Researchers at the Biotechnology Foundation at Jefferson Medical College have genetically engineered tobacco plants to produce human proteins – antibodies – against rabies. Scientists, led by Hilary Koprowski, M.D., professor of microbiology and immunology and director of the Biotechnology Foundation Laboratories and the Center for Neurovirology at Jefferson Medical College of Thomas Jefferson University in Philadelphia and Kisung Ko, Ph.D., research associate at the Biotechnology Foundation at Jefferson Medical College, have inserted DNA coding for an antibody against the rabies virus into tobacco plants. The plants, in turn, become factories churning out antibody.
The report appears online this week in the Proceedings of the National Academy of Sciences.
According to Dr. Koprowski, who created the currently used vaccine against rabies, there is a worldwide shortage of antibodies against rabies. They are expensive to get from humans and antibodies derived from horse blood carry unwanted side effects.
The researchers first showed that antibody could neutralize rabies virus and prevent infection in mice. Using plant antibody, Chuck Rupprecht, D.V.M., chief of rabies at the Centers for Disease Control and Prevention in Atlanta, prevented rabies in hamsters inoculated with a lethal dose of "street" virus.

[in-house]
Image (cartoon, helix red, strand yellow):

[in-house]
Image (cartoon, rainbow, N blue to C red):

"The antibody produced in tobacco is as good as the antibody produced in animal cells," says Dr. Koprowski, noting that tobacco-derived human rabies antibody should be safer and less expensive to produce.
Rabies, which is fatal and incurable, is usually acquired through the bite of an infected animal. If treatment with antibody and vaccine is given as soon as possible after exposure to the virus, it may prevent rabies.
Dr. Koprowski points out that an antibody would be used in cases of severe animal bites. "A vaccine might be too late to develop antibodies," he says. "The recommendation is to first inject the antibody serum, then give the vaccine," which in turn elicits the production of antibodies for long-term protection.
Dr. Koprowski stresses the need for a commercially available antibody against rabies. He says that up to about 50,000 cases of human rabies occur annually in Asia (40 percent in children) and 7.5 million people receive the treatment after exposure.
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